Copyright Office Turns Down Alfonso Ribeiro’s ‘Carlton Dance’ Filing in Ongoing Lawsuit Against Fortnite and Epic Games

Copyright Office Turns Down Alfonso Ribeiro’s ‘Carlton Dance’ Filing in Ongoing Lawsuit Against Fortnite and Epic Games

It seems like Epic Games might have less to fear than originally thought in its ongoing lawsuit from Alfonso Ribeiro.

Back in December, The Fresh Prince of Bel Air star Alfonso Ribeiro filed a lawsuit against Epic Games for using his ‘Carlton Dance’ from the show in their mega-popular game Fortnite. Unfortunately for Ribeiro, it seems that he has now hit a rather large snag in his pursuit to win this lawsuit.

According to the Hollywood Reporter, Ribeiro’s recent filing with the Copyright Office to make the dance his own property has now failed. The office stated that the dance moves in question were more of a “simple routine” rather than a choreographed work. For reference, to copyright a dance it usually has to contain multiple moves and parts and not just one gesture. Clearly, the Copyright Office saw the ‘Carlton Dance’ as the former rather than the latter.

Furthermore, it is reported that Ribeiro himself can’t even own the dance since it appeared on a TV show. The dance is technically owned by broadcasting network NBC as they were the ones that aired The Fresh Prince of Bel Air during its original run. Ribeiro himself is also said to have knowledge of this as well, which is why he didn’t try to register a copyright for the dance in the past.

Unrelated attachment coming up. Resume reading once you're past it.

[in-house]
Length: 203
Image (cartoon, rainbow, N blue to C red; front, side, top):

This being said, the version of the dance that Ribeiro submitted to the office was the one he performed on ABC’s Dancing With the Star. This again though raised more issues, specifically being the determination of who created or owned the dance in question that was performed on the show. In Dancing With the Stars, usually, it is the celebrity’s professional dance partner (in this case Witney Carson) that creates the entire routine that is then performed on the program. As such, there’s a case that others could have been the real owner of this routine.

All of this being said, it doesn’t mean that Ribeiro’s lawsuit against Epic–and also Take-Two for using the same dance in NBA 2K–is now concluded. The lawsuit is still ongoing and Ribeiro could still definitely win the case. That said, not having ownership of ‘The Carlton’ itself will surely be an issue for Ribeiro and his lawyers down the road.